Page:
Nowadays, it’s easy to feel like you’re running on empty. There’s work, family, and maybe even a social life. But, for the sake of self-care, we need to talk about chronic stress. It’s the reason why you feel drained and cranky!
Generally, some stress isn’t a bad thing. It jump-starts motivation and the drive to get things done. As the “stress hormone” cortisol increases, neurotransmitters that control memory fire up.1 The “flight or fight” response encourages your reaction to danger. Even your cells are on guard, helping your immune system prepare for battle.2
But, like most things in life, stress isn’t great in excess. Chronic stress takes years off of your life. It lowers klotho, a hormone that mediates the aging process.3 High levels of cortisol disrupt metabolism, blood glucose control, and immunity. The risk for health problems also skyrocket.4
Obviously, it is impossible to banish all stress from life. You can, however, control how much it builds up. This is crucial for good health and preventing burnout.
1. Try Coenzyme Q10 Supplements With Your Diet
Caffeine isn’t the only cure for exhaustion. The antioxidant coenzyme Q10, or CoQ10, will help your cells produce energy.
Specifically, mitochondria need CoQ10 for essential reactions. It acts as an electron carrier, helping mitochondria turn energy from food into something cells can use.5 There are thousands of mitochondria in a single cell!6
CoQ10 also prevents cell death and inflammation. To give your cells a boost, add CoQ10 to your supplement lineup. Find it at the grocery or health food store.
2. Make Exercise A Part Of Your Routine
From energy to mood, exercise improves every aspect of chronic stress. Every cell gets a delivery of oxygen to keep it trucking along. Moreover, exercise enhances the central nervous system to keep you on your A-game.
Too tired to move? Don’t dive into a long-distance marathon. Take a short walk or do a set of jumping jacks. It’ll slowly boost your energy intake, helping you work out more and more.
Aim for 30 minutes of moderate-intensity exercise, five times a week.7 Start small with once or twice a week, then move up from there.
3. Follow An Anti-Inflammatory Diet
It’s no surprise that stress fires up inflammation.8 What’s worse is that inflammation is a major process behind aging, infection, and degenerative diseases.9 Your body will feel like its deteriorating.
To feel your best, avoid pro-inflammatory foods like high-fructose corn syrup, refined grains, red meat, and fried foods.10 These things just fuel inflammation! For instance, a 2017 animal study found that trans fats worsen inflammation,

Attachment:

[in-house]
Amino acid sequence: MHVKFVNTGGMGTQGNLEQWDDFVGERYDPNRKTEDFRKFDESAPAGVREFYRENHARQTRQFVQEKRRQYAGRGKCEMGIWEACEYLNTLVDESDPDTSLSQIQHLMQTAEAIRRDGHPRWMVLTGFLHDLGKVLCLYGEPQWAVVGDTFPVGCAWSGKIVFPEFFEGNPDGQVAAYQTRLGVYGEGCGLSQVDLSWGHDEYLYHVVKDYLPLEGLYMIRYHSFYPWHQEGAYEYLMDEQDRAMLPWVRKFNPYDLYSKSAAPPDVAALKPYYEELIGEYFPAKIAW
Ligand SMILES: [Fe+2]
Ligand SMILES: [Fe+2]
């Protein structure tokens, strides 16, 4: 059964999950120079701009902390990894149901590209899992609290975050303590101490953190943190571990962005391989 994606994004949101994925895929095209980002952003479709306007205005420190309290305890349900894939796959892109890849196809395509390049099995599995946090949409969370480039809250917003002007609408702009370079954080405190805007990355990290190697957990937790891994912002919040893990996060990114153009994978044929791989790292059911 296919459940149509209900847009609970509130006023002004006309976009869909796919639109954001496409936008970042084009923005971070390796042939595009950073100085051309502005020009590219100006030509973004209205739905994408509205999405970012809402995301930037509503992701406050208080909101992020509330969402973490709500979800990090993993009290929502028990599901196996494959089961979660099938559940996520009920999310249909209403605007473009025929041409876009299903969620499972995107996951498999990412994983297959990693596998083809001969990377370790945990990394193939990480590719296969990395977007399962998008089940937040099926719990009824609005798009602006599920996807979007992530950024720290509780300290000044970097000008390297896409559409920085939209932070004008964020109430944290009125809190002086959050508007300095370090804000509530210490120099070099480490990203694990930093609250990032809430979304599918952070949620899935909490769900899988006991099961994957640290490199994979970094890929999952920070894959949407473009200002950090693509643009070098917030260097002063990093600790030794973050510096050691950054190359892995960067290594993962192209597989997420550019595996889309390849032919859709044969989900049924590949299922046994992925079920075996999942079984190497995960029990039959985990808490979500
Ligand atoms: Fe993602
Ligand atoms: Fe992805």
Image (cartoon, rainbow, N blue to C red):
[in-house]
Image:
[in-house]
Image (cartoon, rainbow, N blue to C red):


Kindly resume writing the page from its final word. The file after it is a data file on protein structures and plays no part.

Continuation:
Sodium also brings on inflammation, so hold the salt. Trade processed convenience meals for fresh, whole foods. Instead of salt, use herbs and spices to flavor foods.12
Chow down on anti-inflammatory foods instead. Think fruits, vegetables, fish, nuts and green tea. It will only help your body and mind.
|↑1||Short Stressful Events May Improve Working Memory. University at Buffalo.|
|↑2||Study explains how stress can boost immune system. Stanford Medicine News Center.|
|↑3||Prather, A. A., E. S. Epel, J. Arenander, L. Broestl, B. I. Garay, D. Wang, and D. B. Dubal. “Longevity factor klotho and chronic psychological stress.” Translational psychiatry 5, no. 6 (2015):
|↑4||Adinoff, Bryon, Ali Iranmanesh, Johannes Veldhuis, and Lisa Fisher. “Disturbances of the stress response: The role of the hypothalamic-pituitary-adrenal axis during alcohol withdrawal and abstinence.” Alcohol Research and Health 22, no. 1 (1998): 67.|
|↑5||Quinzii, Catarina M., and Michio Hirano. “Coenzyme Q and mitochondrial disease.” Developmental disabilities research reviews 16, no. 2 (2010): 183-188.|
|↑7||How much physical activity do adults need? Centers for Disease Control and Prevention.|
|↑8||Powell, Nicole D., Erica K. Sloan, Michael T. Bailey, Jesusa MG Arevalo, Gregory E. Miller, Edith Chen, Michael S. Kobor, Brenda F. Reader, John F. Sheridan, and Steven W. Cole. “Social stress up-regulates inflammatory gene expression in the leukocyte transcriptome via β-adrenergic induction of myelopoiesis.” Proceedings of the National Academy of Sciences 110, no. 41 (2013): 16574-16579.|
|↑9||López-Armada, María J., Romina R. Riveiro-Naveira, Carlos Vaamonde-García, and Marta N. Valcárcel-Ares. “Mitochondrial dysfunction and the inflammatory response.” Mitochondrion 13, no. 2 (2013): 106-118.|
|↑10||Pro-Inflammatory Dietary Factors in Prostate Cancer Susceptibility and Survival. National Cancer Institute.|
|↑11||Longhi, Rafael, Roberto Farina Almeida, Leticia Ferreira Pettenuzzo, Débora Guerini Souza, Letiane Machado, André Quincozes-Santos, and Diogo Onofre Souza. “Effect of a trans fatty acid-enriched diet on mitochondrial, inflammatory, and oxidative stress parameters in the cortex and hippocampus of Wistar rats.” European Journal of Nutrition (2017): 1-12.|
|↑12||Fogarty, Andrew W., Sarah A. Lewis, Tricia M. McKeever, and John R. Britton. “Is higher sodium intake associated with elevated systemic inflammation? A population-based study.” The American journal of clinical nutrition 89, no. 6 (2009): 1901-1904.|